A curious defense mechanism of some scorpions

Parabuthus transvaalicus is a mean-looking scorpion, commonly known as the Transvaal thick- or fat- tailed scorpion, dark scorpion or spitting scorpion. It lives mainly in Southern Africa. Here’s a picture sure to give you the heebie jeebies; I know it gives it to me.

Credit: http://www.scorpion-forum.com

I am not particularly fond of these animals, but I love venoms in nature. I have written about them here and here. They are wonderful biochemical examples of evolution in action. The biochemistry is fascinating, but the wide variety of behaviors that animals use to make use of such venoms is equally remarkable.

For example, these scorpions are sometimes called “spitting” scorpions for a reason. They can spray venom against a potential predator, and that is not even the coolest thing about it!

Have you ever heard the expression “to rub salt in the wound“? This refers to the quite painful sensation that one feels when salty substances enter the broken skin.

It seems that the spitting scorpion has heard the expression too.

In a paper published in 2003:

Inceoglu et al. (2003) One scorpion, two venoms: prevenom of Parabuthus transvaalicus acts as an alternative type of venom with distinct mechanism of action. Proc Natl Acad Sci USA. 100(3):922-7.

scientists of the University of California at Davis reported that P. transvaalicus is able to produce a “prevenom” composed mainly of simple salts such as potassium chloride. You can access the paper free of charge here.

Essentially, when a predator, say a mouse, starts nibbling on the scorpion with the worst intentions, the scorpion will initially sting the mouse with the prevenom. Specifically, the scorpion is always “preloaded” with the prevenom. Such a salty solution will not likely kill the mouse, but it would sting like heck and will usually suffice to make the attacker go away. If the mouse is hungry enough though, it will continue biting the scorpion, and this continuous annoyance will cause it to make the real deal, venom containing the really nasty toxins.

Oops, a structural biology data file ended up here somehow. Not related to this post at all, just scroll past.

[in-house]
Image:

In the picture above, please note that the prevenom is a much clearer solution, as opposed as the milky appearance of the actual venom.

This seems to be an economic strategy. From the perspective of the scorpion, It is much more metabolically expensive to make protein-based toxins, etc., as opposed to make a simple salt solution. This makes sense, especially since these animals live in arid conditions, where resources are rather scarce.


This phenomenon of different venoms produced by the same organism is not exclusive of scorpions. Some cone snails are also able to do this. I haven’t heard of other examples, but I am absolutely sure that there will be others. Nature is always surprising us. And all of this in only one planet! Can you imagine what could be “out here”?


Inceoglu et al. (2003) One scorpion, two venoms: prevenom of Parabuthus transvaalicus acts as an alternative type of venom with distinct mechanism of action. Proc Natl Acad Sci USA. 100(3):922-7.

Nisani et al. (2012) Investigating the chemical profile of regenerated scorpion (Parabuthus transvaalicus) venom in relation to metabolic cost and toxicity. Toxicon. 2012 Sep 1;60(3):315-23.

Prator et al. (2014) Venom variation during prey capture by the cone snail, Conus textile. PLoS One. 2014 Jun 18;9(6):e98991.

Dutertre et al (2014) Evolution of separate predation- and defence-evoked venoms in carnivorous cone snails. Nat Commun. 2014 Mar 24;5:3521.


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